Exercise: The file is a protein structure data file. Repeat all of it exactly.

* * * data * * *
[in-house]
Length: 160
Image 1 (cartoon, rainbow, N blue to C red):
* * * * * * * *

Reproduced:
[in-house]
Length: 160
Image 1 (cartoon, rainbow, N blue to C red):